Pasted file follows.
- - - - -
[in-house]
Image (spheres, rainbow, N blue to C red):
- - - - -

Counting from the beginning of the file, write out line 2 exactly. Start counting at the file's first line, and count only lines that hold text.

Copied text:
Image (spheres, rainbow, N blue to C red):